By Sandra Rowoldt Shel

University of Cape Town

When Neville Alexander used to visit his maternal grandmother Bisho Jarsa as a boy, he never suspected the extraordinary story of how she had come from Ethiopia to the South African city of Port Elizabeth.

Bisho was one of a group of Ethiopian slaves freed by a British warship in 1888 off the coast of Yemen, then taken round the African coast and placed in the care of missionaries in South Africa.

The autobiography of Princess Sarah Segilola Odulaja was written while she was on a visit to New York, during the months of June and July 1999.

By Sarah Segilola Odulaja

To the Glory of God

I was born in the early morning of January 1, 1924 into the family of my father, Prince Joseph Ojo Alola Folaranmi and Princess Leah Ajayi Sinyanade Folaranmi. My father, Joseph Folaranmi is from the Adeyemi Alaafin ruling family in Oyo. His grandfather, Faleti migrated to Tede here my grandfather was born. My father, Olateju was an Ifa priest. My mother's father was Oba Onitede Olaniyan, Ojola fi gigun s'ayo Igbo fi didi s'ola baba Adedigba Ayo boro tika wa Adu bi aran O t'oba tele k'o too j'oba.

This engaging interview with Carolyn Kumah's mother and her friends was recorded on October 9, 1999. The interview details their upbringing in Ghana, motherhood, and life. It interview features Mrs. Tina Kumah, Mr. Thomas Mensah, and Mrs. Christie Bonsu.

It did not take me long to realize that while I was seeing more blacks in a given place than I had seen on a regular basis in six years, I was still alienated from those I thought of most often as "my people." We did not seem to share the same culture, the same way of understanding ourselves. On their part, there was a great deal of suspicion of me, of my motives, and intentions, which may have stemmed largely from the fact that I was teaching at a school that rarely hired black faculty and that--despite being a "public" institution--was seen by those outside the academic community as white. Many would confess to me later that they had questioned my "credentials" as a black man even to have been employed by such an institution.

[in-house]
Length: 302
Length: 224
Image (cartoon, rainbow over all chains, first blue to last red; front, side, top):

By Isabel Adonis

Chapter 1

I am in the kitchen in the basement of the house when my waters break and I call Bob and say ‘take me to the hospital.’ I want to have a natural birth, I want to be natural but I am not. I don’t know what natural means. I guess this is what Africa means to me, a place in my imagination where I feel free of all of the constraints and conditions of living.

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